PeopleSoft ‘Poison Pill’ Hearing on Ice

UPDATED: A federal judge has postponed his decision on PeopleSoft’s last hostile takeover defense against Oracle until next month.

Delaware Chancery Court Judge Leo Strine said he would need more
information from both companies before rendering a decision on
PeopleSoft’s so-called “poison pill” and customer rebate provisions. The
anti-takeover measures are designed to make it harder for Oracle to
acquire PeopleSoft. The judge set aside Dec. 13 and 14 as possible hearing dates but did not say when he would render his decision.

The judge specifically said he wants to know why PeopleSoft’s board
recently
rejected
Oracle’s “best and
final offer
” of $24 per share (an estimated $9.2 billion).

“Our board has rejected the offer because they feel it is
inadequate,” PeopleSoft spokesperson Steve Swasey told
internetnews.com. “We have reiterated that time and again that
the board will not sell the company for less than it is really worth.”

The judge also declined PeopleSoft’s requests to delay the hearings
further until after the New Year. Lawyers for the Pleasanton,
Calif.-based software maker asked to present their evidence closer to
its annual shareholder meeting in March.

The suit filed in Delaware claims PeopleSoft’s Customer Assurance
Program (CAP) and subsequent “poison pill” are “unlawful” because the
CEO at the time — Craig
Conway
— misled investors and sheltered his own board into
believing that “there is no condition” under which PeopleSoft would ever
be acquired by Oracle.

Oracle claims PeopleSoft’s board did not review the CAP plan and that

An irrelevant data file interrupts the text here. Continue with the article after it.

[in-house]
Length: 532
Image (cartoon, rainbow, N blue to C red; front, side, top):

Conway kept a tight control over the board’s advisement attorneys and
bankers. According to court documents, there were more than $2 billion
in CAP contracts as of June 30, 2004.

Back in October, four PeopleSoft board members — Skip Battle, Cyril Yansouni, Steven Goldby and Mike Maples — all told the court that the CAP was necessary to main the integritiy of stockholder value. Swasey said it was too early to tell which if any of the
directors would speak on the board’s behalf in December.

Oracle claimed victory over the weekend after a straw poll vote of
PeopleSoft shareholders showed 61 percent support of the takeover. Oracle
received a vote of confidence from PeopleSoft’s third largest investor,
Los Angeles-based Capital Guardian Trust as well as the California
Employees’ Retirement System (CalPERS), New York State Common Retirement
Fund and Ohio’s state pension fund. Oracle said it will now keep the
offer on the table until 6:00 p.m. (EST) on Friday, December 31, 2004.

Now that a majority of PeopleSoft shares have been tendered to
Oracle, Robert Christopher, an attorney specializing in litigation for
technology companies for Coudert Brothers in Palo, Alto, Calif., said
the legal wrangling should become moot.

“By acquiring the shares, Oracle can effectively take over the board
of directors, eventually nullify the poison pill, and dismiss
outstanding legal claims. However, PeopleSoft customers who purchased
or did anything else in reliance on the rebate
program will have rights that Oracle probably must recognize and
compensate. That leaves some room for negotiation so that, if good
sense prevails, the bitter war that we’ve been witness to should end
very soon. Unfortunately, competition and the pace of innovation are
the big losers in this situation (though spin doctors will later cite
whatever new products are developed to claim otherwise).”

If the battle for control of PeopleSoft stretches into next year,
most analysts polled by internetnews.com suggest a tougher time
for Oracle to reach its goal. PeopleSoft still has a $1 billion lawsuit
against Oracle pending. The case is expected to start on Jan. 10.

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